National Rural Electric Cooperative Association Senior Vice President of Government Relations Louis Finkel: “EPA’s final rule expands the reach of WOTUS and creates substantial regulatory uncertainty for electric co-ops. It will further complicate and slow permitting for electric infrastructure projects, which are vital for ensuring energy affordability and reliability for American families and businesses. We thank Ranking Member Capito and Chairman Graves for their leadership and for taking this important step that will help electric co-ops reliably keep the lights on at a cost that consumers can afford.”

National Stone, Sand & Gravel Association (NSSGA) Vice President of Government and Regulatory Affairs: “NSSGA members provide our nation with the materials that build America. However, with the implementation of the new WOTUS rule, our industry now faces more uncertainty than ever before. It is for these reasons that NSSGA would like to thank Chairman Graves and Congressman Rouzer for leading this joint resolution of disapproval of the Biden administration's WOTUS rule. This act provides a much-needed check on federal agencies and ensures that the rulemaking process is transparent and accountable. We call on all members of Congress to support this legislation.”

National Utility Contractors Association Chief Executive Officer Doug Carlson: “Utility construction projects need predictability to make project deadlines and contain costs. The Biden Administration’s repeal of the Trump Administration's clean-up of the WOTUS rules is going to add unnecessary confusion and delays to this industry's projects. Contractors will now be faced with more uncertainty when trying to comply with the new WOTUS rules, an outcome that will face even more confusion with a pending U.S. Supreme Court ruling on these regulations. The Biden Administration’s regulatory change was not needed, not at this time with so many infrastructure projects starting this year. NUCA strongly supports T&I Chairman Sam Graves and subcommittee Chairman David Rouzer’s resolution of disapproval to rescind this WOTUS rule change.”

Plastics Pipe Institute President David Fink: “The WOTUS debate has presented extensive and enduring challenges for the construction and manufacturing industries since it began many years ago. The latest version of this rule issued by EPA last month presents another moving target when it comes to compliance and will inevitably impede efforts to expand domestic manufacturing and create well-paying jobs. While the rule provides a list of exemptions, it discards the scores of stakeholders who have long sought clarification on this issue, especially regarding the debate over what is and is not a navigable water.”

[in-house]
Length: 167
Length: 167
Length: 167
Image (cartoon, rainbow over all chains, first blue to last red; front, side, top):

Power and Communication Contractors Association (PCCA): “The Power and Communication Contractors Association strongly supports the Congressional Review Act resolution introduced by Chairman Graves and Rep Rouzer, which would overturn the Biden administration’s ill-advised changes to WOTUS. PCCA members across the country are working tirelessly to expand access to high-speed broadband, modernize and strengthen our nation's electric grid, and provide the essential workforce for these and many other critical infrastructure projects. However, burdensome federal regulations and policies have slowed work and jeopardize the goals set by the Biden administration to achieve universal access to broadband and a modern electric grid within the next decade. Instead of critical permitting reforms and similar regulatory updates, this decision rolls back positive changes made during the last administration. We commend the action Congress is taking to reverse this decision and urge the administration to work with Congress to develop a better standard that meets the needs of all Americans.”

U.S. Chamber of Commerce: “The U.S. Chamber of Commerce commends Chairman Graves, Chairman Rouzer, and the many other Members of Congress for their leadership in proposing a Congressional Review Act resolution for the Biden Administration’s Waters of the U.S. rule. America needs clear, less burdensome water policy so that we can permit and build for the future. We urge Congress to pass this important legislation in short order to ensure the immediate elimination of the Administration’s unnecessary, confusing, and legally problematic federal regulatory expansion, and to provide the certainty that businesses, landowners, and state and local governments need.”

USA Rice Federation Chairman, and a Mississippi rice farmer, Kirk Satterfield: “Rice farmers are committed to protecting our farms and the environment as we face tremendous pressures maintaining our nation’s food security, from high input costs to unfair trade competition, and everything in between. Cumbersome and overly vague regulations like the Biden Administration’s new WOTUS rule will further challenge our ability to produce rice safely and sustainably for consumers at home and abroad. USA Rice supports efforts in Congress to repeal this new rule.”

Full text of S.J. Res. 7 can be found here.

A one-pager can be found here.